A book by a founder of this site.
Research on Infidelity and Affairs
Research on "infidelity" and other "relational betrayals" (i.e., doing things you are not supposed to do like breaking promises) also indicates that lying and deception is common among lovers (see Buss; Barash & Lipton).
Research reveals that infidelity is a real problem—anywhere from 30 to 60% of all married people have cheated on a spouse (see Buss & Shackelord for a review of research on infidelity). You can also calculate the risk of your partner cheating on you (see cheater risk assessment).
Lending further support to the idea that infidelity is common, roughly 2% of all children born are not the biological offspring of the assumed father (see stats about infidelity).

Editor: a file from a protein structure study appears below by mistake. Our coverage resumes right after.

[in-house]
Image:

More importantly, close to 50% of all first marriages end in divorce and many couples who stay together are not happy. This is important to mention because deception, though ever present, is much more common as relationship begin to fall apart.
Finally, other types of betrayals such as, breaking promises, revealing confidences, forgetting special occasions (i.e., like an anniversary), and so on, happen all the time (see Metts). And it is common for people to cover such mistakes through the use of deception.